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What is the optimum placental positioning?

The placenta and its position can affect childbirth. The placenta itself is usually called afterbirth and is filled with oxygen and nutrients provided by the mother for the growth of her baby. Generally, the placenta is positioned in the top or middle of the womb, out of the way of labour’s exit. However, a placenta positioned elsewhere could pose potential problems during childbirth.

One problematic position is when the placenta drops too low and gets in the way of childbirth. This low-lying placenta is common during the second trimester, but will typically move before actual childbirth. The placenta does not move so much as repositions depending on the growth of the womb and the placenta itself.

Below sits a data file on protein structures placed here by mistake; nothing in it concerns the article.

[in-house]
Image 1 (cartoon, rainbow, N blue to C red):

If the placenta does not reposition, then there is a higher possibility for early labour and bleeding. Sometimes the bleed could be severe. The blood comes from the mother, not the baby, so your infant would not do any harm. Your doctor will do an ultrasound at about 32 weeks to ensure the placenta is no longer in the way. Only a very small percentage, less than one percent, will remain low-lying towards the end of pregnancy.

If there is continued concern over the placenta or bleeding, and it does not appear it will move out of the way for the birth, your baby will have to be delivered via c-section.
 
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